Evolution as a Religion: Strange Hopes and Stranger Fears

Evolution as a Religion: Strange Hopes and Stranger Fears

Evolution as a Religion: Strange Hopes and Stranger Fears

Evolution as a Religion: Strange Hopes and Stranger Fears

Synopsis

According to a profile in The Guardian , Mary Midgley is 'the foremost scourge of scientific pretensions in this country; someone whose wit is admired even by those who feel she sometimes oversteps the mark'. Considered one of Britain's finest philosophers, Midgley exposes the illogical logic of poor doctrines that shelter themselves behind the prestige of science. Always at home when taking on the high priests of evolutionary theory - Dawkins, Wilson, and their acolytes - she has famously described evolution as 'the creation-myth of our age'. In Evolution as a Religion she examines how science comes to be used as a substitute for religion and points out how badly that role distorts it. As ever, her argument is flawlessly insightful: a punchy, compelling, lively indictment of these misuses of science. Both the book and its author are true classics of our time. Go on, treat yourself!

Excerpt

This book had a very simple origin. in the early 1980s I was asked to speak at a conference on 'Evolution and Religion'. This suddenly made me wonder whether the link between these two things was perhaps closer than had been noticed. Was the idea of evolution somehow beginning to be used, not so much as an antidote against religion but as a substitute for it - indeed, as a form of religion itself?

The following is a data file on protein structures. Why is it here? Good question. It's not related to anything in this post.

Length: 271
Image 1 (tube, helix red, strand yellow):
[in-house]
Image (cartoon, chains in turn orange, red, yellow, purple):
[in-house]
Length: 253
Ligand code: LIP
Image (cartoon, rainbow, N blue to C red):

I had been struck for some time by certain remarkable prophetic and metaphysical passages that appeared suddenly in scientific books about evolution, often in their last chapters. Though these passages were detached from the offcial reasoning of the books, they seemed still to be presented as science. But they made startling suggestions about vast themes such as immortality, human destiny and the meaning of life. These are diffcult topics with which philosophical and religious thinkers have long wrestled. But the scientific writers did not usually refer to any earlier discussions. They simply and confidently laid down their own surprising views about them. Their pronouncements seemed to be seriously intended. But it was far from clear on what level they were meant to be taken.

All this seemed to me to raise most interesting questions about the kinds of thought that can go on in the wide areas that lie outside both offcial science and offcial religion. Simply defining these two

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